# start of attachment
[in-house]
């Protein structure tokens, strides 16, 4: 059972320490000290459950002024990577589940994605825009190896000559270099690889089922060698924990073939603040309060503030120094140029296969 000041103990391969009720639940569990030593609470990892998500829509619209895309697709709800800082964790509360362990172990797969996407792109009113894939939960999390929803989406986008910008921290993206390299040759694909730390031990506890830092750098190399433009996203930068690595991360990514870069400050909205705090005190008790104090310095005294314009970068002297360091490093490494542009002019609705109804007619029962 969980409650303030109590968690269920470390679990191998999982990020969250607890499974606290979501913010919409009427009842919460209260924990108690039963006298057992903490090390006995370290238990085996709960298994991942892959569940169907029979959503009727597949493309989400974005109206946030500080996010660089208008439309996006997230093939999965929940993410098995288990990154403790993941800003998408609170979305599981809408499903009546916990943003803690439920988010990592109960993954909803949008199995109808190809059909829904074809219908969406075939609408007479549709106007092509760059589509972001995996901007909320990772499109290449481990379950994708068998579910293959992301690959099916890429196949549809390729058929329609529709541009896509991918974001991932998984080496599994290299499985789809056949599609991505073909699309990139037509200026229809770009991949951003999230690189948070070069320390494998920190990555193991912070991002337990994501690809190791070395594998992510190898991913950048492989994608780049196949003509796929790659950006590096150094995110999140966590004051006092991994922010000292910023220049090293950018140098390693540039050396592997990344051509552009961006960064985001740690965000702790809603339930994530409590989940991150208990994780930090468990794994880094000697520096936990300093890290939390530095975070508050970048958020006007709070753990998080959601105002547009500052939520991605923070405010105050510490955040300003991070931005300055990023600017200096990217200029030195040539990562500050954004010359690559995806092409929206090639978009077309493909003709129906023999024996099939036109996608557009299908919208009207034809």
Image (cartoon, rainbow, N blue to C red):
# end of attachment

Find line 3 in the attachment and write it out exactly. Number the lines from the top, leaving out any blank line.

Image (cartoon, rainbow, N blue to C red):